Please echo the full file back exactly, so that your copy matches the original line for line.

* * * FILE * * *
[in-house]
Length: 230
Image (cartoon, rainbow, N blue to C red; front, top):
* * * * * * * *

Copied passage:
[in-house]
Length: 230
Image (cartoon, rainbow, N blue to C red; front, top):